Gynuity Health Projects


Vaginal and Rectal Carriage of Clostridium Sordellii & Perfringens

Clostridia bacteria, C. sordellii and C. perfringens specifically, have been identified recently as serious pathogens among women of reproductive age. Since 2000, clostridial pelvic infections have claimed the lives of at least 17 young, previously healthy women. While extremely rare, such infections are nonetheless alarming, because they strike healthy women and also, because of their rapid, fatal course, and absence of traditional signs of infection. The most publicized of the Clostridia cases have followed medical abortions; however, available clinical and epidemiological research does not show a specific causal pathway linking use of mifepristone or misoprostol to development of clostridial infection.

Since clostridial infection cases are so rare, Gynuity has embarked on a project on the prevalence of the bacteria to add depth and precision to the very fragmented literature on this topic. We conducted a large, multi-site study of over 5,000 women in the U.S. from 2008-2013. Through screening women at various time points in their reproductive lives and collecting information on their background characteristics and behavior, we are able to describe:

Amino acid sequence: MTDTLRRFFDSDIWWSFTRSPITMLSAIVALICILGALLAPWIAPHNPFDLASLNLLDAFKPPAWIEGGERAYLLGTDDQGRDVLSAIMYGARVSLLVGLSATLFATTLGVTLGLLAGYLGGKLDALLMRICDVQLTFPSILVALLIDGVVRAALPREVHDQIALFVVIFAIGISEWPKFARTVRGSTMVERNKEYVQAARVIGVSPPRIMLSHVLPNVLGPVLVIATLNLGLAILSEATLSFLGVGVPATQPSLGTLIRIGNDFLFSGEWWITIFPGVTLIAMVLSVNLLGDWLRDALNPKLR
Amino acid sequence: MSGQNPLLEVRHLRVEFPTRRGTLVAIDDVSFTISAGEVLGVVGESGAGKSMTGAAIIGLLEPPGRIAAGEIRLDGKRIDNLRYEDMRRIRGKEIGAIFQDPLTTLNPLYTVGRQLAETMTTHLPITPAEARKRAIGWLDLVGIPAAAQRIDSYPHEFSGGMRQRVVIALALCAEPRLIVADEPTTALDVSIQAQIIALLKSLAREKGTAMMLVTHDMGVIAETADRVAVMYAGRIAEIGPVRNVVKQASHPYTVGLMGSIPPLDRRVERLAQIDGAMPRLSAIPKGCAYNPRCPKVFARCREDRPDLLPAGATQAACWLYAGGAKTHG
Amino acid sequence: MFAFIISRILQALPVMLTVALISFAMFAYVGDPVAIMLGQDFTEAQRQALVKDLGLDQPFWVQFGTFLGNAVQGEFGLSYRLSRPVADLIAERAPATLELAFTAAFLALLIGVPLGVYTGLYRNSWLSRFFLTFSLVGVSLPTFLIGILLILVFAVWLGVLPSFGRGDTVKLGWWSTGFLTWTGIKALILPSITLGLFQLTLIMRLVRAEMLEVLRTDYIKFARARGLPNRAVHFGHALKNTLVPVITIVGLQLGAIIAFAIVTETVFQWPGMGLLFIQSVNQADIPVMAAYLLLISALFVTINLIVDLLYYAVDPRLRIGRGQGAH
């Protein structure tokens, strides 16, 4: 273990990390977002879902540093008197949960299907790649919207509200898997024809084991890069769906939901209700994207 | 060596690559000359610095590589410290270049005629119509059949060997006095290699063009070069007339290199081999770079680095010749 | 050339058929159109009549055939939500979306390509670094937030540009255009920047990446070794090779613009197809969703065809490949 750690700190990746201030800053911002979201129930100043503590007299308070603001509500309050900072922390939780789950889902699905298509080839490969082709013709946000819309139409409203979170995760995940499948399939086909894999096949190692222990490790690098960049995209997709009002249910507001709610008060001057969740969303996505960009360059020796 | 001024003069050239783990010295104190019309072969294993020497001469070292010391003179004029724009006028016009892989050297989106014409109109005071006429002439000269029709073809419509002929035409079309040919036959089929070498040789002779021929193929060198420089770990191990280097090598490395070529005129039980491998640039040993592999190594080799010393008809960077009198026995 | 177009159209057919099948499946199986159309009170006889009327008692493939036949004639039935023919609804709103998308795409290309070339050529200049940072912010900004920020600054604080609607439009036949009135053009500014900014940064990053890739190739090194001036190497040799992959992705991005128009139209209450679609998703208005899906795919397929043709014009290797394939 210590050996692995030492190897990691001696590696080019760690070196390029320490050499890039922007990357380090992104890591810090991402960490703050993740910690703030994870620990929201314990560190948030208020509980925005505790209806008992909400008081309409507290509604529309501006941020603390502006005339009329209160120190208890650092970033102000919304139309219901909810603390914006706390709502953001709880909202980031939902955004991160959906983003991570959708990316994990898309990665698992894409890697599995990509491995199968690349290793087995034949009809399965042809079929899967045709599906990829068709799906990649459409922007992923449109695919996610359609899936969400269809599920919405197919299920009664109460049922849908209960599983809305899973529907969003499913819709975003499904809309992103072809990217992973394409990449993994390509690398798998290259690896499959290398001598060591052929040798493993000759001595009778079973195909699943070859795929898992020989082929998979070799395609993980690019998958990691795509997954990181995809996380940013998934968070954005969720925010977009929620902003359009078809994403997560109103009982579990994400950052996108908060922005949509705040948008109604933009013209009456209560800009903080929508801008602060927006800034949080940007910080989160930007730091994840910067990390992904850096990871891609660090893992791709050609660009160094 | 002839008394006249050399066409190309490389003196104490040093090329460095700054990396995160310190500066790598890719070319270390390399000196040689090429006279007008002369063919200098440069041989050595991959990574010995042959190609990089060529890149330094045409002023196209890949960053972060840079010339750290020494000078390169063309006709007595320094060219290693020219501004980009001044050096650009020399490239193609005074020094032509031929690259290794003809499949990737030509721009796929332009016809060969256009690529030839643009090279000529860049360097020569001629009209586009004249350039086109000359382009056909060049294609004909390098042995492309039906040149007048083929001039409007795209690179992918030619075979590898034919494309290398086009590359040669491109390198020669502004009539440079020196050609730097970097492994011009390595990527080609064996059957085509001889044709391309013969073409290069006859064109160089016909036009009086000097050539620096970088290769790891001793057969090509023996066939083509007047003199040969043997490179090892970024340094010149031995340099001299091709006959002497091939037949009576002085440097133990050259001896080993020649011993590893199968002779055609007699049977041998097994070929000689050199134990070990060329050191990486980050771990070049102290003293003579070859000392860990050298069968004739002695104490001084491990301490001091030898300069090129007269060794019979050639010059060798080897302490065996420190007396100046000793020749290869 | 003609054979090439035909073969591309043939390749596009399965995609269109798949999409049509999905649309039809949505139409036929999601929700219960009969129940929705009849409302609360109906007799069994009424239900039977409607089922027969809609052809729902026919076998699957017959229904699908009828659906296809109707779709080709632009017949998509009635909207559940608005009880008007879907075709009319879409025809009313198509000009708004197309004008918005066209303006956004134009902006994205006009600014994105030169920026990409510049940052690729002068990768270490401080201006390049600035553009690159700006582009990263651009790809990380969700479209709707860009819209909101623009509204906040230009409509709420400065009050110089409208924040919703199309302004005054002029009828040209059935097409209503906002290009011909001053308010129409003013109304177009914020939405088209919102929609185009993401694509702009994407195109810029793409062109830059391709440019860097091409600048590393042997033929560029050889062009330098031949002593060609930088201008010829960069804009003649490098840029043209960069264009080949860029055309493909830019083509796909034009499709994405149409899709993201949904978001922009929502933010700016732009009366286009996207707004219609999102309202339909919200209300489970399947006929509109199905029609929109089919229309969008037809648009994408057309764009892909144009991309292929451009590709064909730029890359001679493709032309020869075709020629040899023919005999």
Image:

• The prevalence of C. sordellii and C. perfringens in the vagina and rectum among women of reproductive age
  • The duration of presence of these bacteria in women
  • Potential correlates of positive cultures: background characteristics, behavioral practices, medical conditions, etc.
  • Changes in prevalence following medical and surgical abortion
  • The different strains of the bacteria collected in the study and whether the strains differ in terms of potential lethality

Enrollment in this study concluded in mid-2013, and findings will be disseminated in 2014.